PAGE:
Campus News

Core-shell nanostructures show promise in production of fuel gases

Kun Yao is an instructor and clean room manager in the University of Georgia College of Engineering. (Credit: Mike Wooten/University of Georgia)

UGA researchers have created a tiny nanostructure that could provide a path toward using solar energy more efficiently in the production of fuel gases.

Writing in the journal Catalysis Today, the scientists say nanostructures fabricated from a core of iron oxide and coated with a shell of titanium dioxide absorb more solar energy than single-layer nanostructures.

The findings eventually may lead to advances in a number of applications—ranging from energy production to electronics—according to Kun Yao, a lecturer and clean room manager in the UGA College of Engineering who served as lead investigator on the project.

“In recent years, researchers looking for a sustainable solution to the world’s long-term energy needs have been exploring methods to use solar energy more efficiently,” Yao said. “One promising strategy is to design and fabricate highly efficient photocatalysts that use solar illumination to facilitate chemical reactions that produce a fuel, reduce pollution or both.”

In its paper, the research team said nanostructures fabricated from titanium dioxide, or TiO2, have been investigated extensively for solar water splitting, carbon dioxide conversion and environmental decontamination. The compound’s non-toxicity, low cost and high stability make it particularly suitable for those applications.

While titanium dioxide is an effective and widely available photocatalyst, it has a major drawback: It only absorbs ultraviolet light. This means TiO2 can only use approximately 5 percent of the sun’s energy, Yao said.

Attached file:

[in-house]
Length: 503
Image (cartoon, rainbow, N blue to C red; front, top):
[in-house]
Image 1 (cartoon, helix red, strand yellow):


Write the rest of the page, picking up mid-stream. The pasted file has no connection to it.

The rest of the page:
To improve the efficiency of the nanostructure, the researchers created a core of iron oxide and then applied a shell of titanium dioxide. Iron oxide is able to absorb visible light, the largest section of the solar spectrum.

The researchers tested their composite nanostructure by attempting to convert carbon dioxide into fuel gases. Using only ambient sunlight, their core-shell nanostructure proved nearly five times as efficient at converting carbon dioxide and water into hydrogen gas than a nanostructure composed of titanium dioxide alone. Their nanostructure also demonstrated improved performance in the conversion of carbon dioxide into water vapor, methane and methanol. They report the conversion occurred within a few hours—and the longer the nanostructure was exposed to sunlight, the more fuel gases it produced.

While the results of the study are promising, Yao believes there are several strategies that may make the core-shell nanostructure even more efficient.

“Scientists working in the field of nanostructures are looking at processes that may not have a direct application for 10 or 15 years, so in a sense we are all pioneers,” Yao said. “But we should always work to improve our understanding of the field and lay the groundwork for future generations.”

Co-authors on the study included Pradip Basnet and Yiping Zhao of the UGA physics and astronomy department, Henry Sessions and George K. Larsen of the Savannah River National Laboratory, and Simona E. Hunyadi Murph of the Savannah River National Laboratory and the then-Georgia Regents University.